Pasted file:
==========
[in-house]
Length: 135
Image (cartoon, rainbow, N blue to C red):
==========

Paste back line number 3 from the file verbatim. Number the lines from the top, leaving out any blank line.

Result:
Image (cartoon, rainbow, N blue to C red):